Case Western Reserve University, USA
We use Goffmanâ€™s characterization of front and backstage interaction practices to analyze how the use of instant messaging in both face-to-face and technology-mediated meetings alters the spatial, temporal, and social configurations of meetings. In an interview study of workers in two organizations, we found that workers used instant messaging during face-to-face meetings and telephone conference calls (1) to participate concurrently in front and backstage interactions, (2) to participate in multiple, concurrent, backstage conversations, and (3) to manage and influence front stage activities through concurrent backstage conversations. These interactions would be either physically impossible or socially constrained without the use of instant messaging. We draw on psychology, GSS, and communication studies to consider the implications for group work.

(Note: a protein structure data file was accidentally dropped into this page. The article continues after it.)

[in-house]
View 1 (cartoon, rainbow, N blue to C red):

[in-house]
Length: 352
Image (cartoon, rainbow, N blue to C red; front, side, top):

Rennecker, Julie; Dennis, Alan R.; and Hansen, Sean, " 'Invisible Whispering': Instant Messaging in Meetings" (2008). All Sprouts Content. 110.